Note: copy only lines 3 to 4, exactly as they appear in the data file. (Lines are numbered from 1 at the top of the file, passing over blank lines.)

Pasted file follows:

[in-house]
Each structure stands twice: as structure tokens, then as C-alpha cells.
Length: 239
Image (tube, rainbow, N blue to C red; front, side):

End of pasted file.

Length: 239
Image (tube, rainbow, N blue to C red; front, side):